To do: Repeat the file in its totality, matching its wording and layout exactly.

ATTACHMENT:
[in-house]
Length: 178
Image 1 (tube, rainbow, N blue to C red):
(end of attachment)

[in-house]
Length: 178
Image 1 (tube, rainbow, N blue to C red):